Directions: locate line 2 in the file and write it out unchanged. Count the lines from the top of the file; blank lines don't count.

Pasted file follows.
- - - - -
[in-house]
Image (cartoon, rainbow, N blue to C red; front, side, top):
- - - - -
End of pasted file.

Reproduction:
Image (cartoon, rainbow, N blue to C red; front, side, top):